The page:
Multiphoton Microscopy Applications

Neurotransmitter Uncaging

Study complex spatiotemporal patterns of synaptic inputs with simultaneous imaging at multiple spines

Understanding how individual neurons integrate the thousands of synaptic inputs they receive is critical to understanding how the brain works (1). It is undisputable today that dendrites with their characteristic non-linear integration of inputs play critical role in information processing in the brain. However, studying complex spatiotemporal patterns of synaptic inputs is still very challenging.

One of approaches in studies of synaptic integration in dendrites is photolysis of caged glutamate and systematically probing the dendrite’s voltage response to differential spatial and temporal pattern that mimics synaptic input activity (2,3).

Bruker offers several technical developments for this area of research. Both 1-photon and 2-photon neurotransmitter uncaging at multiple spines can be achieved. Uncaging is performed simultaneously with imaging thanks to dual optical light paths (3,4).

Bruker also offers holographic uncaging with random 3D access with its Neuralight 3D spatial light-modulator (SLM) product. It is a liquid crystal device that generates holographic patterns of illumination to form multiple focal points or arbitrary shapes. This device can produce truly simultaneous illumination at multiple locations. To facilitate fast volumetric imaging while performing 3D neurotransmitter uncaging Bruker implemented optically corrected electro-tunable lens (ETL).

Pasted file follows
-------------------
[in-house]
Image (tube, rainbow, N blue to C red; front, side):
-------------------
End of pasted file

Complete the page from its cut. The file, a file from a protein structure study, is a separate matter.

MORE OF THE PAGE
Bruker support this application with proprietary Prairie View software. Software allows for defining, synchronizing, and calibrating laser illumination, galvanometer mirror positioning, electrophysiology, and fluorescence measurements integration.

The Ultima 2Pplus and a Bruker spatial light modulator (SLM) proved useful for investigating the behavior of activated synapses across multiple basal dendritic branches under quiescent and in vivo-like conditions in a recent publication. In their paper, "Probing Action Potential Generation and Timing under Multiplexed Basal Dendritic Computations Using Two-photon 3D Holographic Uncaging," Shulan Xiao, Saumitra Yadav, and Krishna Jayant observe action-potential precision, noise-enhanced responsiveness, and improved temporal resolution under high conductance states. Results revealed multiplexed dendritic control of somatic output amidst noisy membrane-voltage fluctuations and backpropagating spikes.